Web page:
It was five o’ clock. The day had been spent futilely as I attempted to reconcile the haphazardly entered accounts of six months previous. I had spent the morning staring at the light-emitting screen and checking off deposits and withdrawals. All the hours in between now and then had been wasted in frustration as I gaped at the screened and punched in phone numbers of people who couldn’t really help me unless there in person.
The office was freezing; drinking two chilled bottles of water was no help. I ate hot soup around noon and occasionally switched places with the receptionist as she confirmed appointments, clicking periodically at her usual computer.
Soon I succumbed to failure. I resigned myself to watching television in a stiff backed leather chair in the waiting room. A six-year-old with dark hair down to her back was sitting cross-legged on the carpet just in front of the television; her mother was seeing a hygienist. Eventually Dad finished with work and we rolled our bicycles to the elevator and rumbled down to ground level.
When we clattered out into the foyer, we rode out of the complex’s white cement parking lot and pedaled down the sidewalk to the intersection. Dad stopped after me and I leaned over and pushed the scratched metal button for the walk signal. I stood on the cement straddling the bike; I straightened up and adjusted the bicycle. Then I looked up. A small, nondescript (but reasonably tasteful) vehicle waited in the left turn lane. As nondescript to my memory were the occupants of the two front seats (though I remember they were filled).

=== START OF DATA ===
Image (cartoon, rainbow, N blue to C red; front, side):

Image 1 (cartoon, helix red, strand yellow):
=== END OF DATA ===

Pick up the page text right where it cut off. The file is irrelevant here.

But sitting calmly in the back of the car, at the window closest to us, was a man. He was about twenty, with dark hair, and dark, intuitive, expressive, emotional eyes edged by thick dark brows. He wore a black coat; I ascertained that he was Middle Eastern.
We noticed each other at the same moment. Contrary to the instinct of an embarrassed glance in a public place, we did not turn away instantaneously. Our gazes held. The arrow blinked green. The left turners curved in front of me. Our heads turned, holding the moment in our memories perpetually. Then, slowly, intimately, he raised a hand from his lap, and waved it at me, palm facing the window. Comprehending it, I waved back, my being stationary on the cement.
And then the man was gone, replaced by the impersonal, remote cars trailing him. Our signal to walk flashed white. Dad spoke, joking to me that he had seen a man checking me out; I smiled and we laughed.
After we passed the intersection, I shot ahead of him, pedaling madly, breathing in the deep cold air as it bit my face and blew my hair back; I knew I would never see the man again. My eyes were imperceptibly moist: nobody would ever be aware of my encounter with the man.
Looking back on that moment, I know that the man knew the same things I knew- that we would, in all probability, never see one another again. So in that wave to me, he had said, “Hello.” And we had met. But he had also said, “Goodbye.”
And we had parted.